Thursday, June 12, 2008

Practicing Between Classes

How do I practice between classes for myself or with my kids?
Thanks to a great question from Cyndy, mother to three of my students.

Working Spanish phrases into your daily routine as you learn new expressions is a great way to practice in context. Learn to set the table in Spanish in class--and then go home and do it every night for a week. Owe someone a thank-you note? Write it in Spanish (and then translate it if need be!) Be creative... try, try, and try again even if the words don't come easily on your first attempt.

Practicing language is like practicing a musical instrument. In high school I played the harp. I practiced once a week, Fridays after school, so I wouldn't make a fool of myself during my Saturday morning lesson. Needless to say, my teacher could tell. She didn't like me (I could tell). Once I went to a competition. I stayed up all night Friday night so that I could learn the piece well--and I got a blue ribbon. My teacher was not happy because she knew how I operated.

As you already might have guessed, I'm not a harpist anymore. Practicing a little bit every day works better than cramming all at once. I suggest that you find five minutes a day to do something in Spanish. The Lord's Prayer. The alphabet. A song. A favorite Psalm. A short reading from the newspaper. A Spanish radio station in the car. Ordering a sandwich at a favorite restaurant. You will work Spanish into your routine if you make yourself be creative about finding little niches of time. Tape a list of vocabulary by the bathroom sink. This study aid will not make your bathroom look "messy" but rather, your visitors will be impressed by your self-discipline.

Do you have a pen pal over the internet who knows Spanish? I have found several through web forums I'm on. If you have a career or a hobby, find someone in Latin America or Spain who shares that same profession or interest, and "talk shop" in Spanish or bilingually, for additional practice. You'll build great sets of vocabulary that way--and learn about something you already like. That is a very motivating way to learn the language you need about a subject that is familiar to you.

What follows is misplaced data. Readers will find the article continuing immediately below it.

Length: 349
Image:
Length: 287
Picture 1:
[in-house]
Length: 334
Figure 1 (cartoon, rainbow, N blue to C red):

Read in Spanish. Get a copy of a free local Hispanic newspaper. Read the Bible in Spanish, or read a bilingual version with two parallel columns. Read something that is already familiar to you--favorite Scriptures, a novel you know well that has been translated, etc.

When you eat out, if you have a server who is Hispanic, try speaking Spanish. Will you offend? Probably not--especially if you are kind, and humble, and explain that you are new to learning Spanish, and want to practice, and hope they will be patient with you. Otherwise, they might wonder if you think that they speak bad English--so be sensitive and polite, and then jump right in and get a free lesson on greetings, foods, and social conversation--while enjoying a good meal.

I have previewed lots of tapes and CDs for learning Spanish. My favorite so far is by Ana Lomba and Marcela Summerville. It's called _Play and Learn Spanish_ and it's a book and CD that go through the daily routine of getting up, dressed, meals, playtime. Lomba is a Spanish-for-preschool teacher and small business owner in Princeton NJ. She is from Spain. Marcela Summerville is from Argentina. Their CD gives a good set of very "international" Spanish vocabulary, because of their diverse backgrounds. And as they act out the scenes and songs, the regional accents are apparent. I got a copy at Barnes and Noble for about $15 and I have recommended it to many students. It's fun to listen to. We listen to it obsessively in the car, and my five-year-old, just yesterday, was hurrying to get dressed to leave and singing in Spanish to herself "apurate, apurate" (hurry, hurry)--and why won't my accent mark work today? There is supposed to be an accent over the "u" there.